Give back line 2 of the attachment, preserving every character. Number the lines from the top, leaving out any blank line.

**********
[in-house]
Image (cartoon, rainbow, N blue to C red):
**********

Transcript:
Image (cartoon, rainbow, N blue to C red):